Developers Don’t Want to Pay For Coyote Greenbelt

One developer says the burden should be spread throughout Santa
Clara County
San Jose – Homebuilders poised to develop Coyote Valley have one problem with new rules that could help them build sooner rather than later – they don’t want to bear the costs of protecting the greenbelt between San Jose and Morgan Hill.

If approved by the San Jose City Council later this year, the rules will allow any self-supporting development project to get underway almost immediately. But the rules also call for homebuilders to pay fees to protect the greenbelt.

One developer, Steve Speno, of Gibson Speno, thinks the burden should be spread throughout the county. He’s even suggested a countywide parcel tax measure to fund purchasing greenbelt properties.

“The greenbelt is a benefit to the entire county, not just people in Coyote Valley,” Speno said this week at a meeting of the task force directing Coyote Valley growth. “There is a coordinated effort in the county to protect open space and we should explore the extent to which the greenbelt fits into that.”

But Supervisor Don Gage noted that that the greenbelt, which rings Coyote Valley to the east and south, doesn’t include much open space in it’s 3,700 acres.

Much of the land is subdivided and privately owned.

“To make it valuable to people, they need to be able to use it,” Gage said. “There’s no access. It’s like saying I’m going to jog across the grass in your yard.”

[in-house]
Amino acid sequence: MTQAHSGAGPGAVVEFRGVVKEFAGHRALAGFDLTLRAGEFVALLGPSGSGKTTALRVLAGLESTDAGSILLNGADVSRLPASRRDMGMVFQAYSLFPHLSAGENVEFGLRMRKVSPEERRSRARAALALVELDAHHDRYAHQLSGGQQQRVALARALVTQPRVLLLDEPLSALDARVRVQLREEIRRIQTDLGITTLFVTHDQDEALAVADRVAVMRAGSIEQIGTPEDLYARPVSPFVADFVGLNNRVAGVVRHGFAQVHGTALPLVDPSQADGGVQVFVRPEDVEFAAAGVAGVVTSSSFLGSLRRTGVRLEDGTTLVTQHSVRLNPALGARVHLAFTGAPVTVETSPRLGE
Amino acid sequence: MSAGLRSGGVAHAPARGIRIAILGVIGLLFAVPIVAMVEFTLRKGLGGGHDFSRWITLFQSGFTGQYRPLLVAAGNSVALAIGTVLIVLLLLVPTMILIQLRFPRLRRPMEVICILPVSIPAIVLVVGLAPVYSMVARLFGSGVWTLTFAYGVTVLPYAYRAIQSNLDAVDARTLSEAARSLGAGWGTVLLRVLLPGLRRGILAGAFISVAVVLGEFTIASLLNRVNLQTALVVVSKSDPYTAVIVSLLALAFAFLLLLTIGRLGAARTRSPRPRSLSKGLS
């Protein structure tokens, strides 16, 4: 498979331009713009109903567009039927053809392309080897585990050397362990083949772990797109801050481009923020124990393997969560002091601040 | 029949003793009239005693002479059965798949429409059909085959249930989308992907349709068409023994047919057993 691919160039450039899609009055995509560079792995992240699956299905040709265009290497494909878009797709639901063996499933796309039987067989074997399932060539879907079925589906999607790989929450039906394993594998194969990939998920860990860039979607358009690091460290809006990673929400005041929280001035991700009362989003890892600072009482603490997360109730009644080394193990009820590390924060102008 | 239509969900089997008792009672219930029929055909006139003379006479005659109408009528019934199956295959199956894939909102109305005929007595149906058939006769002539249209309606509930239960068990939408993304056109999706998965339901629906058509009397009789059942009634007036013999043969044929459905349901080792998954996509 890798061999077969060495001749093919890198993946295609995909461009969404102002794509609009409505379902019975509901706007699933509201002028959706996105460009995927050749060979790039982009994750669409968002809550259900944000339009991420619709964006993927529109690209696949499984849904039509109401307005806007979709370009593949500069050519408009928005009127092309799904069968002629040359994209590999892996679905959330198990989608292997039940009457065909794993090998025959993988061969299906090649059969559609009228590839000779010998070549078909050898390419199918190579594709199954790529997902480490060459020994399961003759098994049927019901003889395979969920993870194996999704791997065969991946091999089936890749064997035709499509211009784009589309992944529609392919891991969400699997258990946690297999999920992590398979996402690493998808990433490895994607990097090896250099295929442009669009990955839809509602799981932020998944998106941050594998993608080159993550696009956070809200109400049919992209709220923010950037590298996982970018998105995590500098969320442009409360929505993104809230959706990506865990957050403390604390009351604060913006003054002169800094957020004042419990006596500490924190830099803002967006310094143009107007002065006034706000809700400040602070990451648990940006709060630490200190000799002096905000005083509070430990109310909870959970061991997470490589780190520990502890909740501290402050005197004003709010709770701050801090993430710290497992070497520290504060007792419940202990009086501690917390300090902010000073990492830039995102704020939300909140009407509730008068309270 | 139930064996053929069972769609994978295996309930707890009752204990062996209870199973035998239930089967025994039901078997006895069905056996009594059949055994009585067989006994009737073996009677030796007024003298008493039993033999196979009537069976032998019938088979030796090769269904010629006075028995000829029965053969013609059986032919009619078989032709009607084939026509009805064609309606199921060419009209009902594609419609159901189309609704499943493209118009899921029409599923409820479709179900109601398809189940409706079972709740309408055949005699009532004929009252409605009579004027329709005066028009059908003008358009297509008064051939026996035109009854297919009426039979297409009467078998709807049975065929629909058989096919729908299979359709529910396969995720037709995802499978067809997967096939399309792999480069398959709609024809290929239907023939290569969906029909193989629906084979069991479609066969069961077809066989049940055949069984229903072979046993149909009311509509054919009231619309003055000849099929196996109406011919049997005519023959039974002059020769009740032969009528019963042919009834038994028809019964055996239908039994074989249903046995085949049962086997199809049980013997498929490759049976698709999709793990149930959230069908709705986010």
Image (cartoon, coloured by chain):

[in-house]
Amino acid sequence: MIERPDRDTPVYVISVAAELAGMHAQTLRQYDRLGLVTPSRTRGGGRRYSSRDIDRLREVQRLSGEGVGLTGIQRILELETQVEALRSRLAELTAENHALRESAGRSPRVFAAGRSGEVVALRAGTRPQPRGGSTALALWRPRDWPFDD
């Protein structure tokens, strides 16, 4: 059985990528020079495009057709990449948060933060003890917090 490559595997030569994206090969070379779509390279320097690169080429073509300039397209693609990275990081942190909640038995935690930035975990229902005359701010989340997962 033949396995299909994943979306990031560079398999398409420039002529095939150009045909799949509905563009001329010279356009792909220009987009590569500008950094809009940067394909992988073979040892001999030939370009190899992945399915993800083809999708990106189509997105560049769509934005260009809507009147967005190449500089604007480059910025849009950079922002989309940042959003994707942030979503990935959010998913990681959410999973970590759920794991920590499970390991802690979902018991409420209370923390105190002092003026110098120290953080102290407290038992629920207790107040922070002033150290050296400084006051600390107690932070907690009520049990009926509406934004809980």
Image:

And environmentalists, who believe developing Coyote until it’s home to 50,000 residents and 50,000 jobs will destroy habitat and a critical wildlife corridor, said developers should take on the financial burden of protecting Coyote Valley’s environmental resources.

“If they want to mitigate for this project, they should pay for it,” Brian Schmidt, of the Committee for Green Foothills, said. “They shouldn’t expect other people to pay for the environmental damages they’re going to cause.”

Most officials, though, recognize a need to seek other financing to ensure that the greenbelt maintains its semi-rural character.

David Bischoff, a retired Morgan Hill planner, said that city is open to exploring alternative financing models for the greenbelt, which is an important part of Morgan Hill’s growth policies.

“We’re interested in talking about the preservation of the greenbelt,” Bischoff said. “You need as broad a base as possible.”

To that end, the task force has tweaked the rules for greenbelt fees.

Outside of affordable housing, all residential projects will be charged, as will commercial and industrial developers, with different incentives added to attract a variety of different developments.

San Jose planners will also seek outside funding, such as agreements with Morgan Hill or the Santa Clara County Open Space Authority.

The decision infuriated greenbelt property owners, who want the freedom to negotiate with individual homebuilders and not government agencies.

“I’m ashamed of this decision. It makes my blood boil,” landowner Richard DeSmet told the task force. “Everybody wants open space but nobody wants to pay for it.”

Matt King covers Santa Clara County for The Dispatch. Reach him at 847-7240 or [email protected]

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